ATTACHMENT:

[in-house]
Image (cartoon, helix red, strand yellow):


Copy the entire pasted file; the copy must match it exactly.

[in-house]
Image (cartoon, helix red, strand yellow):